Those counts each take a ten year sentence, but there were two large counts, which were the operative counts of the indictment: one count was a conspiracy to commit espionage, and the other count was a conspiracy, against one, to commit murder. I emphasize conspiracy because, as you know, and the Government argued this in writing in their papers, they donít have to prove espionage. Indeed, they conceded at the end of the trial that they did not prove espionage. They only have to prove, as you know in a conspiracy, that there was an agreement to commit espionage. And that is what they sought to convince a jury drawn from Miami, that, "Although we canít prove it, folks, there certainly must have been an agreement to do it."
On the second count against one of the five, which was charged as a conspiracy to commit murder, again, they said, "We only have to show that there was an agreement to commit murder." And what murder are they talking about? Are they talking about a murder that occurred in the United States?
The government said,"No, we have no proof that any of these five ever had guns, ever had explosives," they werenít here for that purpose, they were here to gather information on the terrorist network in the United States.
How did they say there was a conspiracy to commit murder? They pointed to a February 24, 1996 shootdown of two planes from Brothers To The Rescue, which occurred over Cuban waters. They said one of them must have been involved in the conspiracy to cause that shootdown because he had information that they believed that it was about to occur.
At the end of the case, after seven months of evidence, the Government took an emergency appeal to the Eleventh Circuit, called the Writ of Prohibition, in which they said to the Eleventh Circuit, "We cannot prove the charge of murder if the Judge gives the instruction that she intends to give." The Eleventh Circuit rejected the Writ, the Judge gave the instruction, the Government said, "We have an insurmountable obstacle, we canít prove this," and this jury in Miami convicted just the same after the prosecutor conceded in a written paper that he didnít have proof. How did that happen? I think many of you know from the Elian Gonzales controversy something about the atmosphere in Miami. I though I knew, but I didnít know enough. I didnít know what Americaís Watch found in their 1994 investigation of Miami. Miami exists quite apart from the United States as a separate entity, in which everything revolves around a single political concept, and that concept is hostility, a deep ingrained hostility to anything involving Cuba or the Cuban government. And we did see that in the Elian Gonzales controversy.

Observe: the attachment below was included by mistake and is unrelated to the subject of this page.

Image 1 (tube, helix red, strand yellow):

The prosecutor, of course, placed this case in Miami, and the five went to trial essentially before the exile community. There are over 600,000 Cuban exiles in the Miami/Dade area. I just want to read to you briefly from a book, not my favorite book, but on this subject theyíre probably right, a book called "Cuba Confidential," which is a kind of a history of a series of scandals. This is what she had to say about Miami: "A Cuban American is the head of the Miami/Dade public university, the head of the community college system, the stateís attorney, the county police chief, the fire chief, the mayor of Miami, the publisher of the Miami Herald, the presiding partner of the largest law firm, the superintendent of the county public schools, the executive mayor of the county itself, and all endorse the hard-line on Cuba, otherwise, they would not have achieved their positions."
There was a survey done for the defense and the survey proved that a fair trial could not be had in Miami/Dade, and the Judge rejected the survey, and she rejected the arguments that the case be changed in venue out of Miami.
And so they went to trial before a Miami jury. And what happened? On the first day of the trial, the families of the victims of the shootdown held a press conference on the steps of the courthouse with members of the perspective jury present. At the end of the first day, the jurors reported to the Judge that there was a newspaper in the jury assembly room that was open to an article, a very damning article, about this case. Who put that newspaper in the jury assembly room? We still donít know. The Regional Director of the Cuban American National Foundation, the most hostile organization against Cuba, was in that jury panel. When he came into the courtroom, he was behaving in such a bizarre fashion that the judge called him right up to sidebar and questioned him, and in the record she said she was astonished at the rage that this man demonstrated. That was the atmosphere on the first day of the trial, and it continued throughout the trial.